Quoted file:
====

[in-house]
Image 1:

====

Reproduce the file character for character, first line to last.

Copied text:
[in-house]
Image 1: